My credentials include three up-to-the-elbows home births. I'm an old man now but if it came to a pinch I might still be able to help bring another babe into the world. A-and, (I hesitate to say it but) some of my best friends are garotas de programma - I know something of the landscape they inhabit.
Old men, coroas and viejos verdes, like looking at young women - this is a fact of life as I know it. Maybe it helps keep the young bucks sharp and on their toes in some evolutionary way - I don't know. Sure, some get carried away (though generally it's the younger and middle aged ones), hurt people, hurt themselves; but the same goes for bog-standard courting, bringing up children - any and every intimate human activity includes some possibility of getting it wrong. Does this mean I support, or accept, or condone or countenance the violence Chris Hedges is talking about? No.
I like quotes taken out of context. "Something there is that doesn't love a wall," says Robert Frost, and for me it also covers all of the so called 'zero tolerance' oversimplifications that pass for public morality these days.
The curve (remember the curve?) I see here is flying high and crashing into contradictions in one's own fundament. Others may see it differently.
Cut to the chase.
If the project of avoiding the potential for extinction in the unfolding environmental catastrophe depends upon perfecting human ... substance along moral lines, then I'd say we don't stand a chance. (With all respect to divinity school graduates and socialists who like to keep such progress myths going.)
Emily Dextraze is 12 years old. Sharie Farina is her mother. Emily has been competing in beauty pagents since she was 4 years old.
The photographs come from a recent NYT article based in turn on a project by Ilana Panich-Linsman (unfortunately her site does not work very well, for me at least).
|In Brasil there is a well known spike in births nine months after Carnaval. Children born in late October through early December (being Spring in the Southern Hemisphere) are received with a knowing "Ah, aproveitou Carnaval, né." The complementary forces of illegality and poverty make abortion less frequent in Brasil than elsewhere.|
So here we are. Carnaval, Fat Tuesday, Lenten reflection, Maundy Thursday, and Easter are all past. Like it or not April showers are bringing May flowers. Lobster season gives way to trap time in Placentia Bay and the old make-or-break Atlantic gas engines thump in and out of harbour. That's if there is still anyone engaged - I am told there are very few to none.
[This space left intentionally blank.]
Sargent, I need love. I'll assemble the troops and get a volunteer. I don't believe in
Yes commander. No! No! No! voluntary love.
Idea. It's an incredible idea - Off you go, idea. Look, the world changed!
it will change the world I don't recognize it!
through the simple fact Who did this?
of someone's having had it. We have to look
at everything again.
Convoluted Bastard: Certain words and phrases set me off: 'Mitigation' when it is used to mean stopping CO2 emissions; 'Mother Earth' when the person using it appears not to understand that it is a metaphor not a fact; ... there's a list. Certain attitudes as well - particularly the notion that natives, indigenous peoples, first nations, have inherently closer links to nature and sustainable living than say, old white men. This list goes on too.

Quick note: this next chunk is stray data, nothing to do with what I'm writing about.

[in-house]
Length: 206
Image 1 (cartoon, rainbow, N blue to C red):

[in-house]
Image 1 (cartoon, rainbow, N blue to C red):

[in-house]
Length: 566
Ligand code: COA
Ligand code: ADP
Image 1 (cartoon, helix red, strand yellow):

In the 70s sometime two ex-professors of mine financed a prototype, what I called a 'renaissance yurt' to house the then numerous Afghani refugees living out in the snow and rain of northern Pakistan. It wasn't a big investment - maybe $300, time was unpaid, I think they used it on an R&D tax credit. We built one, and then nothing happened. I met with them one day and it became clear that their involvement was over. I was now to somehow parlay the prototype into a CIDA contract or whatever on my own. I said, "But I don't now how to do that and you do." They had framed one of my design sketches and hung it on the wall of their office in which we were meeting. The conversation turned ugly and one of them shouted at me "You are such a convoluted bastard!" And I said, "Sure I am, but you knew that from the get go."
And that's the end of it. The next time I'm in the area Jim Strutt is already dead and I'm told Bill Dawson is 'very old'. My informant declines to give me his email address. Who knows? Maybe he's already past being able to read emails.
It's not just the kids slaving in sweatshops making cheap sneakers for other kids living marginally better in big cities around the world who are in Hell. We are all in Hell. And I don't mean some after-death cauldron you get pitched into when you die if you've been bad - I mean here and now and no judgements.
The whole object of this post (and all of the posts in all of the blogs for that matter) is to wonder if we are thinking ... properly. Humans mostly (myself included) don't think at all but it is at the point now where we'd better. (Heaven being no more than the thickness of a thought away.)
So, a convoluted bastard I remain. It's an honorific. Be well.